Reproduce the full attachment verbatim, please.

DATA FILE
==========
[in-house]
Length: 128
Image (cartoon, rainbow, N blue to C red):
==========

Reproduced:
[in-house]
Length: 128
Image (cartoon, rainbow, N blue to C red):